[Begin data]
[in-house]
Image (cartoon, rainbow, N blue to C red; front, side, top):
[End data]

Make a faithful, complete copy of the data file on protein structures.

[in-house]
Image (cartoon, rainbow, N blue to C red; front, side, top):